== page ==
Strains SipA(HF), SipC(HF) and SopB(HF) are derivatives of the wild type Salmonella enterica serovar Enteritidis strain SE2472 with a FLAG tag inserted in-frame at the C-terminus of each corresponding protein and have been described previously . Growth analysis of bacteria in LB or LB-like broth was carried out by first inoculating a single colony in 2 ml of either normal (14N) or 15N-labeled media and culturing at 37°C with shaking at 225 RPM overnight (about 16 hours) . Thirty microliters of the overnight culture were then inoculated into 3 ml fresh normal or 15N-labeled media or LB broth and cultured at 37°C with shaking at 225 RPM. At 0, 2, 4, and 6 hours after inoculation, 100 μl of bacterial culture were collected to determine their colony forming unit (CFU)/ml by plating. Salmonella grew in normal (14N) or 15N-labeled media as well as in LB broth (data not shown). To study the survival of Salmonella after exposure to H2O2, 20 μl of the overnight culture grown in normal (14N) or 15N-labeled media, or LB broth were added to 2 ml of fresh normal (14N) or 15N-labeled media, or LB broth containing 5 mM H2O2. At different time points of incubation, 100 μl of bacterial culture were collected, diluted, and plated onto LB agar plates to determine their CFU/ml [16, 36]. Each sample was analyzed in triplicates and the analysis was repeated at least three times.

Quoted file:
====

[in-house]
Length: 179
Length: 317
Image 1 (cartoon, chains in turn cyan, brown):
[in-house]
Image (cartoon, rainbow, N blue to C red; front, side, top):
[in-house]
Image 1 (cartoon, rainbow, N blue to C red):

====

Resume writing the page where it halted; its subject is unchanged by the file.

In vitro studies of the expression of the tagged SPI-1 proteins
Colonies of tagged strains were inoculated in 1 ml of LB broth and cultured at 37°C with shaking at 225 RPM for 16 hours. To study the effect of H2O2 on the protein expression in vitro, 20 μl of overnight bacterial cultures were inoculated into 1 ml of antibiotic-free LB and shaken at 225 RPM at 37°C for 4 hours. The bacterial cultures were centrifuged at 5,000 × g for 5 minutes. The pelleted bacteria were re-suspended in 1 ml of fresh LB broth (control) or 1 ml of LB broth with 5 mM H2O2 and shaken at 225 RPM at 37°C for an additional 2 hours, and then collected.
To prepare protein samples from Salmonella, bacterial cultures (1 ml) were centrifuged at 5,000 × g and 4°C for 10 minutes. The pellets were re-suspended in 200 μl of bacterial lysis buffer (8 M urea, 2% CHAPS, and 10 mM Tris, pH8.0), sonicated for 15 seconds three times with an interval of 30 seconds, centrifuged at 5,000 × g and 4°C for 10 minutes, and then transferred into fresh tubes for Western blot analysis.
Infection of cultured macrophages